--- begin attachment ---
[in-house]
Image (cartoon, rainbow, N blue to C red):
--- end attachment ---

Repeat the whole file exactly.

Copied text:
[in-house]
Image (cartoon, rainbow, N blue to C red):